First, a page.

39.  Thaddeus Maccarty, Two Discourses delivered at Worcester, April 5th, 1759, being the day of the publick annual fast, appointed by authority, and the day preceeding the General Muster of the militia throughout the province for the inlisting of soldiers for the intended expedition against Canada, Boston, 1759.


British and Colonial Forces Finally Take Quebec 

40.  John Bowles, A view of the taking of Quebec, September 13th. 1759, London, [1760].

In the fall of 1759 Sir Charles Saunders led a vast armada of warships and transports up the St. Lawrence for the siege of Quebec, impressive on its rocky 200-foot eminence commanding the river.  At the same time, British General Wolfe landed his 9,000 troops (supplemented by American Rangers) on the Isle d'Orleans just below the city.  The French tried, but failed, to dislodge the British fleet with fire ships, but Wolfe still had trouble making any headway.  In a surprise night maneuver he led a landing party of 4,500 that scaled the heights of Quebec, where a short fight followed on the Plains of Abraham in which both Montcalm, commander of the French forces, and Wolfe were mortally wounded.  Five days later, on September 18, Quebec surrendered.  The British troops holed up in the city through the fierce winter, and in the spring faced another French army that had marched from Montreal to dislodge them.  A bloody fight followed in which the English, outmanned and weakened by a winter of disease and privation seemed destined to lose, but the timely arrival of the British fleet allowed them to evacuate instead.


Quebec: A Celebration in Verse      

41.  "When proud Quebeck must fall"  In: Nathaniel Ames. An astronomical diary … for … 1760, Boston, [1759].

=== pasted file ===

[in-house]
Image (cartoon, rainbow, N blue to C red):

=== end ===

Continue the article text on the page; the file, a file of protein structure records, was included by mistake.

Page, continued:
42.  William Cooke, The conquest of Quebec: a poem, London, 1768.


43.  Joseph Hazard, The conquest of Quebec. A poem, London, 1769.

Joseph Hazard of Lincoln College and the Reverend Cooke, Fellow of New College and Chaplain to the Marquis of Tweedale, were two runners-up for the "conquest of Quebec" poetry prize offered by the Earl of Litchfield, Chancellor of the University of Oxford.

Canada Surrendered to the British

In the summer of 1760 British forces advanced on Montreal in a successful multi-pronged attack.  The outnumbered garrison had no support from the French navy and no means of escape.  Commander Vaudreuil was compelled to surrender and French Canada became a British colony on September 8, 1760.  Following the capitulation of Montreal, the Spanish port of Havana fell in 1762 (Spain had joined the conflict on the French side).  The long war was finally over in America, but not in Europe until the Treaty of Paris was signed in 1763.  By its terms, France ceded Canada and all her territory east of the Mississippi River to Great Britain.


Death of Wolfe

Dying at Quebec      

The Death of Wolfe, September 18, 1759

Benjamin West, To the king's most excellent majesty this plate, the death of General Wolfe, is with his gracious permission humbly dedicated, [London, 1776].

French Caricatures of Colonial Troops

From the evidence of the publisher's imprint it is likely that these engravings were issued in Paris sometime around 1780.  But in 1780 there was an alliance between France and the former British colonies, and it seems strange that these rather unflattering caricatures of American “types” were produced during a time of friendship. The facial expressions and the elaborate, European-style helmets and uniforms imply that these figures were being presented as objects of ridicule. 

Perhaps an explanation can be found in the fact that the Crépy family of geographers, engravers, publishers, and print sellers had long been active in Paris, especially during the period of the French and Indian War when the British colonists in North America were likely to be depicted in a negative way.  It is our suspicion that the plates were engraved during the French and Indian War period (note the figure from Ticonderoga, where the British and colonial forces were defeated by the French in 1758) and re-issued between 1778 and 1781 in recognition of the Franco/American Alliance, with some minor alterations–such as "La Liberté," that appears on the engraving of the soldier from New York.

Trompette ou chasseur de Ticonderago

New York

Soldat de la province de New York


Le Pensilvanien

Le fantassin Bostonien


Grendadier de Philadephie


Le milicien Americain

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Exhibition prepared by Susan Danforth, John Carter Brown Library